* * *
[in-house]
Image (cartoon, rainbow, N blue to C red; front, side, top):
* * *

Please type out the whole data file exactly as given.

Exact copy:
[in-house]
Image (cartoon, rainbow, N blue to C red; front, side, top):